April 11. - Birth of a third son -- Becomes a member of the Dumfries Volunteers, and their Poet Laureate -- Writes several patriotic Songs, and his Scots wha hae wi' Wallace bled -- Fires off his Five Carlins, and other Political Squibs, and satirises both Whigs and Tories -- Visited in the summer by two English gentlemen, who dine with him, and partake freely of his Whiskey Punch -- They forget the flight of time; lose their way on returning to Dumfries, and can scarcely count its three steeples, although assisted by the morning dawn.
August 25. - Sells his crops at a guinea an acre above value -- A strange scene of drunkenness on the occasion -- About thirty people engage in a regular battle, every man for his own hand, and fight it out for three hours -- Indoors folk lying drunk on the floor and decanting until his dogs get so tipsy by attending them that they can't stand -- Enjoys the scene -- Relinquishes Ellisland, and removes to Dumfries -- Is invited by the Earl of Buchan to assist at the coronation of the bust of Thomson, on the 23rd of September -- Apologises, but sends an Ode for the occasion -- Presented by Lady Winifred Maxwell Constable with a valuable snuffbox, on the lid of which is a miniature of Mary Queen of Scots, as an acknowledgment for his Lament of that ill-starred Queen.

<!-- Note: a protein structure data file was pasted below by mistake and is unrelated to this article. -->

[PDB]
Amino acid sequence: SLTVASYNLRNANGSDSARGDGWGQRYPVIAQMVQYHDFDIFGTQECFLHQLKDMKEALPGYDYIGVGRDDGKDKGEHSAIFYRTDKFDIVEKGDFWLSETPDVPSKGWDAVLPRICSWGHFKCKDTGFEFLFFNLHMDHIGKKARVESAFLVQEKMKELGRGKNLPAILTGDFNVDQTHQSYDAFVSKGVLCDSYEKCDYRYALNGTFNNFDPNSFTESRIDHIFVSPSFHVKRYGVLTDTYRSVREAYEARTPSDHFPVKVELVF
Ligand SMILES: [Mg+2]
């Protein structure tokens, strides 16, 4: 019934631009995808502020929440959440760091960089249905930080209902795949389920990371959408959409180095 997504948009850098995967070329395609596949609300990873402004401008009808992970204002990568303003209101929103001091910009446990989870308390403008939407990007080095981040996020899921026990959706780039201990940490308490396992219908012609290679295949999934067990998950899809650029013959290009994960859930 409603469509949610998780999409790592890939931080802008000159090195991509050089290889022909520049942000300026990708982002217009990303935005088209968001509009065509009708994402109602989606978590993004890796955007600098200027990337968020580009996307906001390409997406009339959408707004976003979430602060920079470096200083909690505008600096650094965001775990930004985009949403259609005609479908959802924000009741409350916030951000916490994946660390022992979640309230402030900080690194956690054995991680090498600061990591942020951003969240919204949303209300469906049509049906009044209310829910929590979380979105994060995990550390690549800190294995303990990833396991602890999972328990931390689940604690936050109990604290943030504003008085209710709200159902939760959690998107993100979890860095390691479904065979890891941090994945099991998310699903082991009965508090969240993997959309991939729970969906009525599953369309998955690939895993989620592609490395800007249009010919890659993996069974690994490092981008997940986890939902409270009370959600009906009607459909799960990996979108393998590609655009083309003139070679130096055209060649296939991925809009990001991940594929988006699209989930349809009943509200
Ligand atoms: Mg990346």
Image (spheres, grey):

February 27. - Puts himself at the head of a party of soldiers, and captures, sword in hand, a French Smuggler -- Communicated to Francis Grose, Esq., the celebrated Antiquary, three remarkable Witch Stories relating to Alloway Kirk.
September. - Commences his celebrated Correspondence with George Thomson, and composes for his Collection of Scottish Songs upwards of one hundred and twenty of the finest lyrics in the language.